1. Fifteen Hundred Down the Murranji. $19.95. Bob Lunney, an adventurous 17-year-old, already with Buffalo and Crocodile hunting experience, meets the Little Brothers. They convince him to join their droving team as they are about to commence a momentous movement of cattle from Willeroo station, west of Katherine to Rocklands station, near Camooweal, close to the Qld/NT border. Young Bob Lunney’s learning curve takes a dramatic and sudden lift. He writes in brilliant fashion of his 113 days on the trip. The dramas, the dangers, the humour, the conflicts, the beauty, are graphically and realistically set out for the reader. To whet your appetite, ‘I felt I was on an immense merry-go-round, with the animals moving up and down, but to the thunderous roar of stampeding cattle instead of the harmonious sounds of an organ. The herd was stretching out as though it was an elastic lump of toffee, the fast-moving bullocks dragging a long, thin strand of cattle from the milling confused mass that was the herd.’ Remember that this life is now part of our rich outback history. Although the drovers have been replaced with huge road-trains, they will never be forgotten. 200pp. First published in 1998. 
  1. Camels and the Outback. $30.00. H.M Barker. A book that captures both the capabilities and limitations of using camels in Australia, as well as the characters that drove the strings. S/cover. 196pp. First published in 1964, this edition 1995.

Notes from the Office

Thank you to everyone who responded to our poll about Crossing The Dead Heart. We now have enough orders to go ahead and print a limited number of high quality, hardcover books. This is super exciting for a book lover like me. That is not to say that the softcover version will be poor quality. Both hard and softcover versions will have a stitched binding. There is no fun in finding an absolute treasure of a book, opening it with delight and then having every page fall out because the glue has broken down. We hope the manuscript will be going to the printer this week.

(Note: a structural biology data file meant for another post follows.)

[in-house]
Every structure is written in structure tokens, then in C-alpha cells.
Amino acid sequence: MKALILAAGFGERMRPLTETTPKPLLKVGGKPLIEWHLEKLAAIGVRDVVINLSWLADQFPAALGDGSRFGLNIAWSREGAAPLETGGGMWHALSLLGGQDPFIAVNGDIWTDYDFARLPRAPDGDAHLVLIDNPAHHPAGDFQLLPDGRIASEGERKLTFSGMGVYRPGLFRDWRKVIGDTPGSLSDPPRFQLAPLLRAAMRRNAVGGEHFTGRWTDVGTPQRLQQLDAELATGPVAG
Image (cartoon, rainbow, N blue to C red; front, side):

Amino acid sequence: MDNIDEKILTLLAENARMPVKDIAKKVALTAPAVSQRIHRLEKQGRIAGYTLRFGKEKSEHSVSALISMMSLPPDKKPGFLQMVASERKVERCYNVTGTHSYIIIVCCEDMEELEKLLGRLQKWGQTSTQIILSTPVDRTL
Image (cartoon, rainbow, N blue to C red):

Last week I mentioned another big project Graeme is working on. This week’s clues are Georgia Bore and Serpentine Lakes.

I will be away next week so the Friday Five will be ‘one I prepared earlier’. I’m heading to Sydney for a conference but will be back in the office on the 25th June.

Until then, happy travelling. Jo.

Friday Forum

Witchelina Nature Reserve – South Australia

  • You can get out here (Witchelina) in a 2WD if it hasn't rained but you really need a 4WD to do any serious looking around. Nature Foundation SA own and manage the property as a conservation reserve. There is camping grounds $ per person per night, $10 per vehicle for showers. There is accommodation in shearers quarters (mostly single beds) $25 per person per night or Overseers house $80 up to 2 people + $25 additional persons. Or another homestead away from main area, same costing as Overseers.

There are 3 nature drives (4WD) you can go on, $50 for single drive or $60 more than one. There is a $50 refundable deposit for the gate key to the drives. No credit card facilities at the property.

There are no supplies (food) or fuel, so visitors must be self-sufficient.

Bookings for the accommodation are generally pre-booked through Nature Foundation in Adelaide but can be done at the property provided they are not already booked. It is a massive property with changing flora, fauna and geology in different areas. It is still very dry here at the moment with almost no rainfall since early February. Any further info can also be obtained from Nature Foundation SA, Ph 83402880. Coral.